“Women are not small men, and men are not large women,” said Dr. Erica Ollmann Saphire, a world-renowned virus expert and the first woman chosen to lead La Jolla Institute for Immunology as President and CEO. “From COVID-19 to autoimmune diseases, sex-specific differences are critical to a full understanding and treatment of disease, which is why WHAM’s work to further women’s health research is so important.”
Dr. Ollmann Saphire’s research explains, at the molecular level, how and why viruses are pathogenic and provides the roadmap for medical defense. Dr. Ollmann Saphire has been at the center of efforts across the globe to identify therapies to prevent and treat SARS-CoV-2 and to research COVID-19 mutations. Dr. Ollmann Saphire is a leader in collaborative research, working to make scientific data more open and accessible across research silos in order to advance science. The work of LJI also focuses on the differences in fundamental immunology of women versus men, which drive different disease propensities and outcomes.
“From practicing as an Ob-Gyn to advocating for the importance of diversity, equity, and inclusion and patient-centered approaches in biomedical research to advance the health of women and communities of color, my entire career has been dedicated to women’s health and improving the overall health of communities,” said Dr. Charlotte Owens, Vice President and Head of Research & Development, Center for Health Equity and Patient Affairs at Takeda. “WHAM is making the economic case for change, and that’s why I’m so glad to be joining The WHAM Collaborative.”
Dr. Owens has led research including studies on uterine fibroids that disproportionately affect African American women, and prior to joining Takeda, was the Therapeutic Area Lead in U.S. Medical Affairs for Women’s Health at AbbVie.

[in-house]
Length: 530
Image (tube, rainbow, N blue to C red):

“When I started my residency in 1984, cardiovascular disease was the number one killer of American women. It is still the number one killer of American women today,” said Dr. Annabelle Santos Volgman, co-founder and medical director of the Rush Heart Center for Women, the first heart program in Chicago devoted exclusively to women. “There has been tremendous progress in women’s heart health over the course of my career that I am proud to have been a part of, but there is still so much more work to be done to help women through prevention and treatment of cardiovascular disease. Research focused on women is absolutely critical, and I am glad to be joining The WHAM Collaborative to further this important work.”
Dr. Volgman’s research has been pivotal in atrial fibrillation, the most common cardiac arrhythmia that disproportionately affects the risk of stroke in women. Dr. Volgman has written numerous abstracts and articles on women, stroke and heart disease and is a prominent leader with the American Heart Association’s Go Red for Women campaign. She has been named a Top Doctor by Chicago Magazine and was featured in O Magazine as Oprah Winfrey’s cardiologist.
About WHAM (Women’s Health Access Matters)
Women’s health is an economic issue we can’t afford to ignore. WHAM works to increase awareness of and funding for women’s health research by accelerating scientific discovery in women’s health in four primary disease verticals – autoimmune disease, brain health, cancer, and cardiovascular disease. The WHAM Report quantifies the economic opportunity for investing in women’s health, looking across diseases that impact women differently and differentially, including coronary artery disease, rheumatoid arthritis, and Alzheimer’s disease. Learn more at www.thewhamreport.org and www.whamnow.org. Learn more about The WHAM Collaborative here.